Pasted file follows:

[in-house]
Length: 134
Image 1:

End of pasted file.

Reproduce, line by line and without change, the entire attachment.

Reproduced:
[in-house]
Length: 134
Image 1: